Each component has multiple possible states and any number of them can be active at a time. Some combinations of states have a value associated with it. At any given point, it wants to be able to get the best value for the currently active states of the component. The problem is when there isn’t a value associated with the exact combination, I can’t think of a decent way to implement finding the best value that isn’t horribly inefficient. Let me demonstrate it since I might not have made it completely clear.
For a given component, there are A-Z possible states and 0-9 possible values.
[A,E]=5 [A]=1 [A,C]=3 [B,C]=9
The correct value would be 3 since it has the most number of common states and no uncommon states. If two state combinations are of equal similarity, like [A,C] and [B,C], ideally, the first one that is defined would be chosen.
The only solution I could think of is checking every possible combination which would could get really inefficient with higher number of states.
It’s also worth noting that this is similar to pseudo classes in CSS, though I couldn’t find any information on how it’s implemented.
We can take a trick from text search and build a reverse index from the states to the state value associations (SVA). The nice thing about this approach is that when we are looking for the best SVA, we only have to look through our input set once and don’t at all have to look at the contents of the SVAs (we just look them up in the index). By contrast the naive version has to compare the input to the SVA’s values for each SVA, which can be many times more work. Here’s a quick python implementation of the idea:
class SVA: def __init__(self, states, value): """ :type states: Iter :type value: int """ self.states = frozenset(states) self.value = value def __len__(self): return len(self.states) def __iter__(self): return iter(self.states) def __hash__(self): return hash((self.states, self.value)) def index(svas): """ Given a collection of SVAs return an dictionary from each value to the set of SVAs in it. """ index = dict() for sva in svas: for value in sva: index.setdefault(value, set()) index[value].add(sva) return index class IndexedSVAs: def __init__(self, svas): """ :type svas: iter(SVA) """ self.svas = svas self._index = index(svas) self._sva_positions = dict((sva, i) for (i, sva) in enumerate(svas)) def __getitem__(self, item): return self._index[item] def __iter__(self): return iter(self.svas) def position(self, sva): return self._sva_positions.get(sva, -1) def find_best_fit(states, index): """ Given the output of index and some values, find the SVA with the most values in common with the given and with none not in common. """ sva_counter = dict((sva, 0) for sva in index) for state in states: for sva in index[state]: sva_counter[sva] += 1 candidates = [sva for (sva, count) in sva_counter.items() if len(sva) <= count] return max(*candidates, key=lambda sva: (len(sva), -index.position(sva))) svas = [SVA(['A', 'E'], 5), SVA(['A'], 1), SVA(['A', 'C'], 3), SVA(['B', 'C'], 9)] indexed = IndexedSVAs(svas) print(find_best_fit(['A', 'B', 'C'], indexed).value)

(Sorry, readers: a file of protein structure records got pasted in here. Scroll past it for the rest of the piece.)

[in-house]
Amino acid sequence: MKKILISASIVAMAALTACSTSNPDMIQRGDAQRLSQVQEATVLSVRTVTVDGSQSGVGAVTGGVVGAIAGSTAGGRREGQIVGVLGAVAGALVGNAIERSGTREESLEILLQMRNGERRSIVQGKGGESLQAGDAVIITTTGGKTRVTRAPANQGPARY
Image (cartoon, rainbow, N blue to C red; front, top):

which prints out
3 as expected.
The only solution I could think of is checking every possible combination.
I don’t think there is much else you can do because of this requirement:
there isn’t a value associated with the exact combination
If you were looking for the exact combination, you could build some binary tree which you could search more quickly.
The only optimisation I see for your current code is to return as early as possible. Maybe you can make assumptions like, I have
[A,B,C] and I know the exact combination is not there, now I found
[A,C] is there a chance I could find a better match? to stop searching further. However, I not sure if you will find many that are often applicable.
which would could get really inefficient with higher number of states
Just a quick thought: If states are binary and independent, you could represent them by bits. Binary operations tend to be fast. Maybe you can find a way by
&‘ing the current state with the known associations and then counting the bits of the result or something like that.